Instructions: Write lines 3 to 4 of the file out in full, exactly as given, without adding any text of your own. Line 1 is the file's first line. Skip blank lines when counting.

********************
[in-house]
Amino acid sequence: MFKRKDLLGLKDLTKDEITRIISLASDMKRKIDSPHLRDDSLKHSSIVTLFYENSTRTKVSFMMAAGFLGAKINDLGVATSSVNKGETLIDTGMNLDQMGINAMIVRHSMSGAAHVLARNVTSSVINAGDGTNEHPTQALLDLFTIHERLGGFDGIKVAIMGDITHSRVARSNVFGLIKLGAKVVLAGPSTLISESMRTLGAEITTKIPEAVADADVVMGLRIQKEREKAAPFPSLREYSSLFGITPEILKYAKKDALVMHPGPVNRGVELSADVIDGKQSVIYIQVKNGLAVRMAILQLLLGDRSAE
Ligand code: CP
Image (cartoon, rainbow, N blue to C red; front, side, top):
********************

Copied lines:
Ligand code: CP
Image (cartoon, rainbow, N blue to C red; front, side, top):